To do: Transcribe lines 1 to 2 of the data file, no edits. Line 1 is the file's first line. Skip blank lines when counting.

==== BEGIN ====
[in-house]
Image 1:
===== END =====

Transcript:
[in-house]
Image 1: